Higher education faces threat from private colleges

Free state higher education is under threat as a result of action taken by Education Secretary Andreas Loverdos who unexpectedly tabled an amendment to the research and development bill currently being debated in the Greek Parliament.

Under the bill, titles awarded by the so-called private ‘colleges’ would be recognised as bachelor and masters degrees provided they were approved by an international accreditation organisation.

Academics, trade unions, students and parents say that with the state universities having suffered a 67% cut in their funding, their ability to provide quality education will wane, their degrees will be downgraded, and this will give an unfair advantage to the private universities, should they be allowed to operate.

The latest move is a step forward from the Prime Minister Antonis Samaras’ announcement that article 16 of the Greek constitution would be abolished, opening the way for the establishment of private universities. Under the constitution, higher education is the exclusive domain of the state and it is provided free to all Greek citizens.

Loverdos’ predecessor Konstantinos Arvanitopoulos last year, in flagrant violation of the constitution, allowed qualifications issued in third countries – mainly from former East Germany – to be recognised as valid in Greece.

The Loverdos amendment is intended to allow American colleges to operate in Greece without the necessity to make complicated franchise agreements. It is widely believed that this is the culmination of pressure on Loverdos and Arvanitopoulos by the American embassy which has a long history of intervention in Greek politics.

The amendment voted on by the parliament states that “colleges of non-typical post-secondary education and training whose study programmes lead to a bachelor degree of three years’ duration or a postgraduate masters degree [are to be included in higher education] provided these programmes have been accredited by an international accreditation organisation”.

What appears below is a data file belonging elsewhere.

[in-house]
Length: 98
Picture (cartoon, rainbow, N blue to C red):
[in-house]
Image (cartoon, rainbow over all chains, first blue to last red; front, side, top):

This would make private higher education a simple matter while the private colleges that would be immediately favoured are American colleges Deree and ALBA in Athens and Anatolia in Thessaloniki.

Also included in the amendment is that the international accreditation organisations whose degrees would be recognised in Greece are those in which “Greek universities are participating in an equitable manner”.

Although still a relatively young man, Loverdos, a professor of law, is a remnant of the powerful Panhellenic Socialist, or PASOK, movement founded by Andreas Papandreou last century – now a junior partner in the coalition government led by the conservative New Democracy Party.

Once close to the current deputy prime minister and foreign minister, Evangelos Venizelos, Loverdos resigned from the party, formed his own, only to return and support the government.

As health minister in 2012, Loverdos set the foundations for severe cuts in public health, while also becoming notorious because he did not hesitate to expose women suffering from HIV to public ridicule – an act which earned him and the country international condemnation.

His present ambition is to deliver education into the hands of private investors and make single schools individually-financed private units.

Academics reacted sharply to Loverdos’ expedient approach to an issue of primary importance to the Greek people. The dean’s office of the Aristotle University of Thessaloniki issued a statement claiming the amendment was unconstitutional because it overlooked the principle of equality.

It also states that students of the colleges are not selected by Panhellenic examinations; the colleges themselves have not been assessed by the independent Quality Assurance and Accreditation Agency which assesses all the Greek state universities and their study programmes; and the colleges operate exclusively as study centres without any research work, which is important for academic teaching.

The statement also notes that teaching staff in the colleges are either temporary or hourly-paid teachers and could not be considered to be on a par with those in the state universities. Not only are the latter academics selected following rigorous procedures but they possess high academic qualifications and are subjected to continuous assessment.

The statement was supported by a large number of other organisations and individual teaching staff, students and members of the public.